So why, you may ask, would a lovely young woman like myself be in the exam room of one of the top neurosurgeons in the world today? Well, this little story begins about six months ago. Please, sit back, relax and enjoy knowing it has a happy ending.
Remember when I was suffering through chemotherapy last summer? Well, I'm trying to forget the whole ordeal, but the scar on my left cheek is a painful reminder. Five days after my second infusion of Adriamycin/Cytocin, aka The Red Death, my white cells dropped as hard as I did on the bathroom floor about 3am on the morning of Nick's 40th birthday. I was deemed neutropenic, meaning I had NO white blood cells left, and was admitted to St. Joe's hospital for four days of antibiotics, potato chips and Millionaire Matchmaker. My fall left me with an ugly cut on my cheek and the need for a CT scan to make sure I didn't rattle my brain too hard. That first scan showed something unusual, which scared the shit out of me, so I had a second more indepth scan. Here's how I found out what they discovered.
About 2am on my third day in the hospital, I was alone in my little room with just the light of the Bravo Network illuminating my bald head. In walks this giant of a neurologist in a lab coat. He stands over my bed and proceeds to tell me that my scan revealed a small 2mm aneurysm in my brain. It was so flipping surreal, that I wasn't even sure it happened. The next morning, my oncologist, Dr. Wendt, came to visit me and confirmed that yes, a huge brain doctor was in my room last night and he did tell me that I have an aneurysm. YIKES! But, he said, it truly was small and should be the least of my worries at the time. Somehow, that was comforting. And, that we wouldn't address it until after my cancer treatments were complete.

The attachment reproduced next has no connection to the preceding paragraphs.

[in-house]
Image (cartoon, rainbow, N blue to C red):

So, fast forward to my most recent visit to my oncologist. I bring up, "um... should we be concerned about that brain aneurysm thing?" Oh yes, I am told. It's time to see a neurosurgeon. And not just any neurosurgeon. He was getting me into see Dr. Spetzler, the Director of Barrow Neurological Institute. This is the guy that kings and queens from around the world travel to see for any brain issues. Should I be worried or relieved that this guy is the best of the best?
When I asked my oncologist as to what he thought Dr. Spetzler might recommend, I was told it could go either way. He may say let's just keep an eye on it, or let's take care of it. Take care of it? Yes, brain surgery.
So, to make a long story endless (one of Nick's favorite quotes), I met with Dr. Spetzler today and received the news we were praying for. My 1-2mm aneurysm has a less than 1% chance of bursting so they want to leave it alone. I'll be scanned annually to make sure it isn't growing, but it sounds like they don't expect it to do so. I was told to stay away from cigarettes, crack cocaine (really!), child birth (glad I had C-Sections) and hypertension (high blood pressure). For some reason I asked if roller coasters would be ok, and they are, but it kinda sounds like a logical question, doesn't it?
So why is this the first time I'm mentioning this aneurysm if we've known about it since June? I guess it was a little denial and a lot of terror. If we didn't talk about it, maybe it would really just be nothing. Looks like our insane plan worked. Thank God!
So that's todays little story. More than you bargained for, huh? Us too. We are just so beyond relieved that all we have to worry about now is that pesky cancer. Easy peasy.